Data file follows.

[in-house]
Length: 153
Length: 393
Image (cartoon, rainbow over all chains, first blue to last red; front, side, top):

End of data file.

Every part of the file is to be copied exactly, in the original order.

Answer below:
[in-house]
Length: 153
Length: 393
Image (cartoon, rainbow over all chains, first blue to last red; front, side, top):